Hav had 2 chrony's. They work just fine. I prefer writing doum velocities and then plugging them into a spreadsheet at home to analize. My SS gives avg vel, extream spread and std dev. All chronographs are regulated for velocity, there are differences in features
I bought my first chronograph last summer after much deliberation. I ended up getting a Chrony "Beta Master". This one puts the controls on the bench with you while the chrono is actually 15' away. Easier to see the numbers, reset if needed, toggle thru std dev / ext spread / min / max / average velocity / etc. without having to walk up to it each time. It will also save something like 10 strings of shots for you to review at home or whatever.
I haven't used it a whole lot but it is easy to use and cost less than $100 at MidSouth Shooter's Supply.
I have a Chrony "Master", too. I did a lot of research and decided it was the best bang for the buck. Not real happy with it. Like all toys, there is a lot of fooling around. I have yet to get velocities that I trust. Someone suggested I needed to put baffels up to stop the muzzle blast. Haven't figured out just how to do that.
I am still using trajectory figures and group size to judge loads.
I don't trust my GPS either, compass works just fine.
Good info guys. Typically- how far in front of the muzzel do you place these? Are there any other brands besides Chrony to look at? I guess I want to limit my spending, but want an accurrate machine. Seems like a luxury tool, but what are hobbies for anyway.
For about the price of a new barrel you can get Oehler 35P and man is it worth it. I've had mine about 8 yr now. Right after I got it, I couldn't believe I had put it off for so long. Never regretted buying it. Never owned a Chrony but played w/ a friend's some and there was no comparison. I guess it would just depend on how much you think you would use it, but If you shoot much and reload I highly recommend one and the Oehler If you can justify it.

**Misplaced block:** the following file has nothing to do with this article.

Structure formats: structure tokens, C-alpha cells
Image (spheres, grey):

GOOD SHOOTIN', Walt
I have been using my Crony F1 for a lot of years now. Use it for archery, muzzleloaders, shotgun, rifle and pistol.
How far you place it from the muzzle depends upon where you want to read the speed at. Usually I set mine about 15 feet out.
I am not really scientific about it, just use mine for general referance and for finding standard deviations on loads I come up with. I also write down the readings and then use a spreadsheet to crunch the numbers.
I have burned the face of it a little with the muzzleloaders, but the display keeps working. If you use a pair of binoculars to read the display you don't have to get up to it each time as the display resets itself with each shot.
The other thing I like about it is that it uses a inexpensive 9 volt battery.
I have yet to lend the unit out to anyone or let anyone shoot through it. I do that myself, sure would hate to have someone put a bullet in a vital area. I have once nicked it slightly, I think with a shotgun load, but just to the sheet metal case and it still keeps on working perfectly.
I've shot over a Chrony and a Oehler. Both worked great. I once ordered a chronograph from CED. I took it to the range and set it up. Shot over it and nothing. Checked my connections still nothing. I sent it back. If it was me, I would save my pennies and buy the Oehler.
I've shot over three diferent chronographs: Oehler 35P, Pact 1, and Pact Professional. My first was the 35P. Its a great machine but costs around $400. If you go this route, be sure and spend the extra $$ to get the 4' rail/tripods. Unfortunately,I left it in the bed of my truck at my gun club and a member helped themselves to it. I bought the pact as a replacement because a friend had one that I had used with the Oehler and I couldn't justify the extra $$. It doesn't have the "proof channel", but works just as good as the Oehler.
I place the skyscreens around 10' away. With a load greater than 1200fps, you will have no trouble with the sound wave tripping the screens. If you plan on shooting subsonic handguns, you may have to move back a little to keep the sound wave from triggering the screens. If you have this problem, build a baffle out of cardboard or plywood. Cut a narrow, long hole that runs vertical to shoot through before the skyscreens. This will stop most of the sound wave.
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